The Grove Hotel review: a quirky luxury retreat

Approaching the Grade II-listed The Grove Hotel, with its five-star rating and illustrious history, is admittedly a little bit intimidating. But the moment I stepped into the lobby, all my worries were immediately soothed by the friendly staff and the welcoming atmosphere.

This is a hotel that doesn’t take itself too seriously; glass tables filled with golf balls and horse-shaped topiary outside The Stables restaurant are just some of the quirky details found around every corner.

Despite the hotel’s red brick façade, our room in the West Wing, with its mustard-coloured sofa, a super-king-size bed, iPod docking station and flat-screen television, was comfortably contemporary. French doors lead out onto a small balcony from which we had a view of the gorgeous grounds. It was an excellent spot for people watching, particularly on Saturday morning when we could spy on well-dressed wedding guests gathering for photos. The bathroom included roll-top bath and walk-in shower, complete with ESPA products.

Attached to the hotel is the Sequoia spa, a secluded and relaxing space perfect for taking a break from the hustle and bustle. Cocooned in its calming atmosphere, it’s hard to believe you’re only a short drive from London.

In the spa I spent a few minutes in the relaxation area which, I was assured, is ‘everyone’s favourite room’, and it didn’t take long to realise why. With soft beds to lounge on, dim lighting, a softly glowing fish tank and a selection of magazines, it offers the perfect place to chill out.

The spa offers a variety of treatments, facials and massages, many of which can be personalised to ensure you get the most out of your treatment. My massage with the ESPA fitness body oil – with notes of bay and lavender – left me feeling light and pleasantly sleepy.

The jewel of the spa is the heated indoor pool. Set beneath a vaulted ceiling, the floor and walls of the pool are tiled in stylish black. Plenty of sunbeds surround the pool and glass doors open out onto a grassy area with more sunbeds – perfect for if you start to overheat.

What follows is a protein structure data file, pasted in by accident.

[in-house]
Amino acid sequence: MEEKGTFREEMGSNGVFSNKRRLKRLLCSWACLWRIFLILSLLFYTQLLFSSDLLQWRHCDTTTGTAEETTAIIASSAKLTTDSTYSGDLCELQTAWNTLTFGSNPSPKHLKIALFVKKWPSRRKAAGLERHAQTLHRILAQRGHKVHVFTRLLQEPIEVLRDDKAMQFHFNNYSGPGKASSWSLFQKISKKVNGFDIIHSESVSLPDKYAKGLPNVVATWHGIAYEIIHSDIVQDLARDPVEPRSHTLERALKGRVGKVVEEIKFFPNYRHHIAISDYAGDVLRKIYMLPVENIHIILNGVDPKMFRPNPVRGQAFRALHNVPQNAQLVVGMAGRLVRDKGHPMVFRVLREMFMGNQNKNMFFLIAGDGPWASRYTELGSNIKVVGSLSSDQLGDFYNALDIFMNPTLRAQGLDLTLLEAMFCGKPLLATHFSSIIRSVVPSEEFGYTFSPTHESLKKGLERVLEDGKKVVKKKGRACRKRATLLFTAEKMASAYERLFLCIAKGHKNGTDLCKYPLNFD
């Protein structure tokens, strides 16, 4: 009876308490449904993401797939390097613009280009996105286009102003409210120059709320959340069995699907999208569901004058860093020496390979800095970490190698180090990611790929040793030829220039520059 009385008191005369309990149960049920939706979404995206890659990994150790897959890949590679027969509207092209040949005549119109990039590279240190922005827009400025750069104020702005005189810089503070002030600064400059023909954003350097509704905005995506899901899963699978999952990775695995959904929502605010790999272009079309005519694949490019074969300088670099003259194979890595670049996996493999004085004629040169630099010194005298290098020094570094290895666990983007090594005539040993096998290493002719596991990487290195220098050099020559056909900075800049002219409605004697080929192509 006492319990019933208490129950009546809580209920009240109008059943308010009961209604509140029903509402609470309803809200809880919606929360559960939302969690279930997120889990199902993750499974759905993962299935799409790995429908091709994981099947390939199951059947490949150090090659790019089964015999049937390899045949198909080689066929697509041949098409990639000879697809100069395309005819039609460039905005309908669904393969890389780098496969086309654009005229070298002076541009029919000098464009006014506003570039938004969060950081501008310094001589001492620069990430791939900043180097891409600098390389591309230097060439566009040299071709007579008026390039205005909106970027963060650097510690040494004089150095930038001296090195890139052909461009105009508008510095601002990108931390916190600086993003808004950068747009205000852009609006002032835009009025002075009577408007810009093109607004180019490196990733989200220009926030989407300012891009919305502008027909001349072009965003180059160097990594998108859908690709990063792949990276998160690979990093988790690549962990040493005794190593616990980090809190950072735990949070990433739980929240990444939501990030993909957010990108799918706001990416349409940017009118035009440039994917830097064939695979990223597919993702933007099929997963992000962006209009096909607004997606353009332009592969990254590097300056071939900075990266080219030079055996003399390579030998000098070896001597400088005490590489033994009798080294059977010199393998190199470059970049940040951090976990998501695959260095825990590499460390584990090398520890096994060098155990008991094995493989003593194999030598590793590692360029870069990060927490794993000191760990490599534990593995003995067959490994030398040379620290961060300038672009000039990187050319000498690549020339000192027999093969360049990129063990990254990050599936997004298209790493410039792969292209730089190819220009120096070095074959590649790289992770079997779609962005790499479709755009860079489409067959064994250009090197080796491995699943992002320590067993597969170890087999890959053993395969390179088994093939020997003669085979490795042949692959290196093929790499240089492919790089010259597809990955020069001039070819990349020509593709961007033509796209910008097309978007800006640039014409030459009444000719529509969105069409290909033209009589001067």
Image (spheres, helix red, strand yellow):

That night we had dinner at Colette’s, The Grove’s fine dining restaurant. Before dinner we sat in the small, candlelit bar for a quick drink. I opted for the Passionate Pear, a refreshing ‘innocent cocktail’ of handpicked lemon verbena from the hotel’s walled garden, with pear and passionate puree and homemade spiced nectar.

The theme of ‘handpicked’ and ‘homemade’ was to continue throughout our meal, as Chef Russell Bateman (2015 National Chef of the Year) has taken full advantage of the local produce available on his doorstep.

Colette’s is a small restaurant, offering just a handful of tables and four choices of dish per course – and at £65 per person for three courses it certainly isn’t cheap – but for a special occasion, you couldn’t ask for better service or more delicious food.

After trying some homemade sourdough loaf, my starter of scallops with cauliflower, curry, cashew and coriander arrived. The dish was wonderfully tasty and beautifully presented.

For the main course I chose the mouth-wateringly soft Cumbrian Herdwick lamb rump, which came with a side dish of lamb shoulder which ranks among the best things I’ve ever tasted.

I finished the meal with the apple mille-feuille, caramel sauce and Tahitian vanilla ice cream. Not too sweet, with just the right amount of crunch from the pastry, this was the perfect end to the meal.

The next morning, we woke early, eager to take full advantage of the breakfast buffet. Served in The Glasshouse, which overlooks the Formal Gardens, we were truly spoilt for choice. The cooked selection includes sausages, eggs, bacon, fried potatoes and baked beans, plus cereals and pastries, fruit and yoghurt, not to mention the variety of juices and smoothies on offer.

We couldn’t miss the chance to explore some of the hotel’s 300 acres of grounds. Manicured gardens with ornamental ponds and striking sculptures give way to rolling hills and spectacular views of the golf course and the canal, with barge boats drifting by and the occasional thwack of a golf club hitting its mark. Trees planted in the hotel grounds in the 18th and 19th centuries remain standing today, including a black walnut tree presented to the Earl of Clarendon by Captain Cook in the 1770s. Even though you’re less than an hour from London, you feel safely cocooned in the depths of the Hertfordshire countryside.

Stays at The Grove start from £340 per room per night on a B&B basis. For more information or to book, please visit www.thegrove.co.uk

Hillingdon Times | Travel